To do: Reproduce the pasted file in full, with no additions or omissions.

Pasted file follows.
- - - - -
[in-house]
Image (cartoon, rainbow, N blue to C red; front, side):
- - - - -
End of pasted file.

[in-house]
Image (cartoon, rainbow, N blue to C red; front, side):